Murdoch Should Apologize to Paterson

Paterson may lack some leadership skills but that has nothing to do with his blindness

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    NEWSLETTERS

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    Rupert Murdoch is taking heat for his assessment of Gov. David Paterson.

    Can the lack of civility or bipartisanship in New York State be blamed on the fact that our Governor is blind?
              

    Publishing tycoon Rupert Murdoch suggests it can.  
    And although the publisher couched his remark with some kind words about Paterson, it didn’t diminish the impact. Simply put, it’s unfair to Paterson and to the many blind people who look on the governor as a role model.
     
    In a forum, Murdoch was asked: “How do we bring more civil discourse to the discussion and stop appealing to the populists on the right and the left?
     
    Murdoch replied: “Look at New York State -- it’s unbelievable. The Congress there---the state Assembly and the Senate -- are totally incompetent with a governor who’s a very nice, honest man, who can’t---who is blind and cannot read Braille and doesn’t know what is really going on.”
     
    Murdoch owes Paterson an apology. It’s hard to believe he meant what he said.
     
    Paterson may lack some leadership skills but that has nothing to do with his blindness. He is a remarkable man, who can memorize reams of statistical information. He has a quick mind and is hardly the incompetent blunderer that Murdoch makes him out to be.

     Does not the Legislature, the 150 Assembly members and 62 senators, bear some responsibility for the chaos in Albany? Did the turncoat Democrats, Monserrate and Espada, have nothing to do with it?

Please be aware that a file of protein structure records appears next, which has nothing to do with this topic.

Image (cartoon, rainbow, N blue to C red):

Paterson has been made a scapegoat for the sins of Albany. He was dealt a bad hand, succeeding a governor accused of corruption involving a prostitute, facing a grim economy and legislators only too eager to shift the blame to him.                            
     
    They’ve piled on. “It’s not my fault. It’s his!” seems to be the universal refrain. Last August, Senator Diane Savino told the Staten Island Advance: “We live in a digital age now, with e-mailing and blackberrying. He is not able to do that because of his visual impairment. Also, he does not read Braille. He has people reading newspapers to him. He listens to tapes of people briefing him.
     
    “All that takes an enormous amount of time. As a result he is not able to respond on the fly [the way former Governors Spitzer or Pataki] could. In some ways I think that has hindered him, in spite of everything he has accomplished in life.”
     
    If you had a dollar for every idiot with a blackberry, how rich would you be?
     
    How sad it is that this kind of criticism has been aimed at Paterson. Criticize him for his policies, not his disability. When I hear the critics of Paterson inveigh against his blindness I think of what the great English poet, Milton, wrote about his own blindness.
     
    “When I consider how my life is spent,
    Ere half my days, in this dark world and wide  
    And that one talent which is death to hide
    Lodged with me useless.
    Doth God exact day labor, light denied?”
    And later the poet answers his question:                                                            
    Who best bears his mild yoke, they serve
    him best…..They also serve who only stand and wait.”
     
    David Paterson, who has endured his affliction since he was born, has great gifts. He has developed memorization to a point that few can equal. He has a quick wit and a fine mind. He is serving his maker as well as some of his critics.                                 
     
    Maybe he is not suited to be governor. But to heap abuse on him because of his blindness is not fair play -- especially in the dysfunctional environment of Albany!
     
    Paterson should not be the fall guy for the sins of others.